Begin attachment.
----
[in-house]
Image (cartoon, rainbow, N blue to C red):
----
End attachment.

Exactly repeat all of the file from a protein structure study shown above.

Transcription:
[in-house]
Image (cartoon, rainbow, N blue to C red):